Other biasHigh risk43 patients used open-label antibiotics, and authors state no statistical differences (P = 0.66) between the groups, but no details were given.

Roberts 2009b

MethodsProspective, open-label, randomised trial.
Participants

10 critically ill patients (mean age range 55 to 57 years; 70% male) with a clinical indication for meropenem, normal renal function, and known or suspected sepsis.

Exclusion: not stated.

InterventionsMeropenem 500 mg i.v. infused over 3 min, followed by 3000 mg continuous infusion over 24 h (given as three 1000-mg infusions over 8 h) vs meropenem 1500 mg i.v. infused over 5 min, followed by 1000 mg infused over 3 min q8h.
Outcomes

Subcutaneous tissue concentration-time profiles.

Plasma concentration-time profiles.

Pharmacokinetic variability.

Plasma pharmacokinetic-pharmacodynamic profile.

Expected probability of target attainment.

NotesNo clinical outcomes specified.
Risk of bias
BiasAuthors' judgementSupport for judgement
Random sequence generation (selection bias)Unclear risk"Patients were randomised using random numbers concealed in opaque sealed envelopes" (pg. 143); however, no sequence generation mentioned.
Allocation concealment (selection bias)Low risk"Patients were randomised using random numbers concealed in opaque sealed envelopes" (pg. 143).
Blinding (performance bias and detection bias)
All outcomes
High riskNot blind.
Incomplete outcome data (attrition bias)
All outcomes
Unclear riskNot stated whether any patients were lost to follow-up or withdrew from the study.
Selective reporting (reporting bias)Unclear riskNo protocol cited.
Other biasUnclear riskOpen-label use of other antibiotics not stated.

Roberts 2009c

MethodsProspective, open-label, randomised trial.
Participants

13 septic ICU patients (median age range 24 to 42 years; 77% male) with known or suspected sepsis, in whom the clinician deemed piperacillin-tazobactam to be appropriate therapy, and who had normal renal function.

Exclusion: not stated.

InterventionsPiperacillin-tazobactam 4 g/0.5 g i.v. over 20 minutes, followed by 8 g/1 g continuous infusion over 24 h (piperacillin 333 mg/h) on day 1, then 12 g/1.5 g continuous infusion over 24 h (piperacillin 500 mg/h) vs piperacillin-tazobactam 4 g/0.5 g i.v. q6h or q8h; mean treatment duration not stated.
Outcomes

Clinical outcomes (resolution, improvement, failure).

In vivo microdialysis of plasma and tissue to determine pharmacokinetics and pharmacodynamics.

NotesClinical outcomes determined by unblinded, treating physician.
Risk of bias
BiasAuthors' judgementSupport for judgement
Random sequence generation (selection bias)Unclear riskNot stated.
Allocation concealment (selection bias)Low risk"Patients were randomised using opaque sealed envelopes..." (pg. 927).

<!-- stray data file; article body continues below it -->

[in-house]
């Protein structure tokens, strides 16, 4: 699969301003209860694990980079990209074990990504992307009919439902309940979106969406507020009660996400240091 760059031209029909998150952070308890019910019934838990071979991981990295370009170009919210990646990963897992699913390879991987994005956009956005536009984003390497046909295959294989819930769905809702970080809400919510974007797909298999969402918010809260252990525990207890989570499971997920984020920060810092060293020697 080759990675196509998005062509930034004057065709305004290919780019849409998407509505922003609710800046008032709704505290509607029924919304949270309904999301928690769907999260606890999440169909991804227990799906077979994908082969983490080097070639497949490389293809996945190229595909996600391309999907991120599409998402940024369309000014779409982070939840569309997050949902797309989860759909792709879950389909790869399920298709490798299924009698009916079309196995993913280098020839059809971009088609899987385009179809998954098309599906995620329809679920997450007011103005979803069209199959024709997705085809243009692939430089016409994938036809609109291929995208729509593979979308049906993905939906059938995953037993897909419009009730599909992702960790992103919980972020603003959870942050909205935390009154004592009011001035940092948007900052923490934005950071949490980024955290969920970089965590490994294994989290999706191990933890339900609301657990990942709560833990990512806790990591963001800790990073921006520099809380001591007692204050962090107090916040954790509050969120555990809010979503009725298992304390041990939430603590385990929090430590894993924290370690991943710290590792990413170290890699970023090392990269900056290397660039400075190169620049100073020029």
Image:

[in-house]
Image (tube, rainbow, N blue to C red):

Blinding (performance bias and detection bias)
All outcomes
High riskOpen label.
Incomplete outcome data (attrition bias)
All outcomes
Low riskReported clinical "cure" for all 13 randomised patients.
Selective reporting (reporting bias)Unclear riskNo clinical trial protocol cited, although stated assessments in the methods were conducted.
Other biasHigh risk

Continuous group was younger.

Patients had normal renal function and were "young" for sepsis patients.

Results may not be generalisable to typical sepsis patients.

Pre-specified definitions of clinical outcomes were not used in the reporting of clinical results (e.g. reported "cure" with no definitions given).

Clinical outcome definitions were subjective, and it would have been useful to state consistency in categorization of clinical outcomes (not reported).

Open-label use of other antibiotics not stated.

Roberts 2010

MethodsRandomised trial.
Participants

16 critically ill patients (mean age range 30 to 41 years; 61% male) with known or suspected sepsis and normal renal function.

Exclusion: not stated.

InterventionsPiperacillin-tazobactam 4 g/0.5 g i.v. over 20 minutes, followed by 8 g/1 g continuous infusion over 24 h (piperacillin 333 mg/h) on day 1, then 12 g/1.5 g continuous infusion over 24 h (piperacillin 500 mg/h) vs piperacillin-tazobactam 4 g/0.5 g i.v. q6h or q8h; mean treatment duration not stated.
Outcomes

Plasma-concentration time profiles for first dose and steady state.

Probability of target attainment by MIC against bacterial pathogens commonly encountered in critical care units.

NotesSame data set as Roberts 2009c, with 3 additional patients (all met sepsis criteria). Will include only outcomes of interest for the 3 additional patients.
Risk of bias
BiasAuthors' judgementSupport for judgement
Random sequence generation (selection bias)Unclear riskRandomly assigned "using random numbers selected from an opaque sealed envelope" (pg. 157); however, no sequence generation mentioned.
Allocation concealment (selection bias)Low risk"Random numbers selected from an opaque sealed envelope" (pg. 157).
Blinding (performance bias and detection bias)
All outcomes
High riskOpen label.
Incomplete outcome data (attrition bias)
All outcomes
Low riskReported mortality for all 16 randomly assigned participants (pg. 159, table 1).
Selective reporting (reporting bias)Unclear riskNo clinical trial protocol cited.
Other biasUnclear risk

Open-label use of other antibiotics not stated.

All patients except 1 in the intermittent group received q6h dosing.

Sakka 2007

MethodsProspective, randomised trial.
Participants

20 surgical intensive care unit patients (mean age range 59 to 62 years; 55% male) with ICU-acquired pneumonia (duration of endotracheal intubation and mechanical ventilation > 3 days).

Exclusion: not stated.

InterventionsImipenem-cilastatin 1 g/1 g i.v. given over 40 minutes, followed by 2 g/2 g continuously infused q24h for 3 days (thereafter, 1 g/1 g i.v q8h) vs imipenem-cilastatin 1 g/1 g i.v. given over 40 minutes three times daily for 3 days; mean treatment duration 12 to 14 days.